The 1988 executions of Iranian political prisoners was a series of state-sponsored execution of political prisoners across Iran, starting on 19 July 1988 and lasting for approximately five months. The majority of those killed were supporters of the People's Mujahedin of Iran, although supporters of other leftist factions, including the Fedaian and the Tudeh Party of Iran (Communist Party), were executed as well. According to Amnesty International, "thousands of political dissidents were systematically subjected to enforced disappearance in Iranian detention facilities across the country and extrajudicially executed pursuant to an order issued by the Supreme Leader of Iran and implemented across prisons in the country. Many of those killed during this time were subjected to torture and other cruel, inhuman or degrading treatment or punishment in the process."

The killings have been described as a political purge without precedent in modern Iranian history, both in terms of scope and coverup. However, the exact number of prisoners executed remains a point of contention. Amnesty International, after interviewing dozens of relatives, puts the number in thousands; and then-Supreme Leader Ruhollah Khomeini's deputy, Hussein-Ali Montazeri put the number between 2,800 and 3,800 in his memoirs, but an alternative estimation suggests that the number exceeded 30,000. Because of the large number, prisoners were loaded into forklift trucks in groups of six and hanged from cranes in half-hour intervals.

Senior positions

After Khomeini's death and election of Ali Khamenei as the new Supreme Leader, Raisi was appointed as Tehran prosecutor by newly appointed Chief-Justice Mohammad Yazdi. He held the office for five years from 1989 to 1994. In 1994, he was appointed as head of General Inspection Office.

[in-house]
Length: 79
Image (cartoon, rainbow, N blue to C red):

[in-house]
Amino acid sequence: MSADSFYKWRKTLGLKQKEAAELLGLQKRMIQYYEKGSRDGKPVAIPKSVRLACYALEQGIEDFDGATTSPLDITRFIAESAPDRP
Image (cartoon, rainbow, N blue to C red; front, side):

From 2004 until 2014, Raisi served as First Deputy Chief Justice of Iran, being appointed by Chief Justice Mahmoud Hashemi Shahroudi. He kept his position in Sadeq Larijani's first term as Chief Justice. He was later appointed as Attorney-General of Iran in 2014, a position that he held until 2016, when he resigned to become Chairman of Astan Quds Razavi. He has also served as Special Clerical Court prosecutor.

Astan Quds chairmanship

He became Chairman of Astan Quds Razavi on 7 March 2016 after the death of his predecessor Abbas Vaez-Tabasi. He is the second person to serve this office from 1979. Supreme Leader Ali Khamenei enumerated serving the pilgrims of the holy shrine, especially poor people and also serve nearby, especially the poor and dispossessed as two important responsibilities of Raisi in his appointment order.

2017 presidential election

Raisi speaking at a presidential campaign rally in Tehran's Shahid Shiroudi Stadium

Raisi was named as one of the Popular Front of Islamic Revolution Forces (JAMNA)'s presidential candidates in February 2017. His candidacy was also supported by the Front of Islamic Revolution Stability. He officially announced his nomination in a statement published on 6 April, and called it his “religious and revolutionary responsibility to run”, citing the need for a “fundamental change in the executive management of the country” and a government that “fights poverty and corruption.” He registered on 14 April 2017 at Ministry of Interior with saying it's time to perform citizenship rights, not only writing act.